@Info.Policy: HSD's privacy officer has a tough job ahead

Robert Gellman

Last year's law establishing the Homeland Security Department has some intriguing privacy provisions. The most visible requires a senior official to assume primary responsibility for privacy policy'the first statutory privacy office in any federal agency.

Nuala O'Connor Kelly was named to the job last month.

On paper, HSD's privacy officer has great authority. One of her duties is to assure that the use of technology sustains, and does not erode, privacy protections relating to the use, collection and disclosure of personal information.

I don't have a clue how anyone can make sure that technology supports privacy. Still, it might help if the privacy officer is involved when decisions are made.

Another responsibility is to assure that personal information is handled in full compliance with fair information practices as set out in the Privacy Act of 1974. As every agency must comply with the act, this provision looks like statutory filler.

Privacy laws in the European Union and just about every other country reflect fair information practices. The express congressional recognition that the Privacy Act reflects fair information practices is a step, albeit the smallest possible one, toward recognition of international norms.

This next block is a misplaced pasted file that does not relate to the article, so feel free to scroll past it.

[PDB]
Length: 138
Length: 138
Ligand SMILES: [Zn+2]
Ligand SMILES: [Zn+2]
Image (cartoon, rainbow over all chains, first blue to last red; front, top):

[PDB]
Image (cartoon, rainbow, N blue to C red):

HSD's privacy officer must also prepare an annual report. Annual reports from privacy offices in other countries have provided significant opportunities for waving the privacy flag. It remains to be seen whether Kelly will have a free hand in drafting a report.

Elsewhere, the act gives the department considerable authority to obtain information from other agencies. The secretary'but, interestingly, not the privacy officer'must develop procedures for sharing data. Specific requirements include limiting redissemination, ensuring security, and protecting the constitutional and statutory rights of data subjects. These requirements add little to existing obligations, but the sentiments are nice.

I am more intrigued by the language mandating timely removal and destruction of obsolete or erroneous names and information. I have long believed that erasing data is an effective solution to many privacy concerns. Much depends, of course, on just what you think is obsolete or erroneous.

Can the privacy officer succeed? Much will depend on the secretary's tolerance as well as the privacy officer's aggressiveness. I am tempted to say that we can tell whether she is doing a good job only if she is fired, but that is an unfair test.

A privacy officer can be effective, but probably not in an overly visible way. The sweet spot is somewhere between being an apologist and being a vocal and independent critic. Finding the right balance is a challenge, but not an impossible one.

No matter what happens at HSD, I expect to see other statutory privacy offices established in other agencies over time. Congress loves symbolic responses to hard problems.

Robert Gellman is a Washington privacy and information policy consultant. E-mail him at rgellman@netacc.net.

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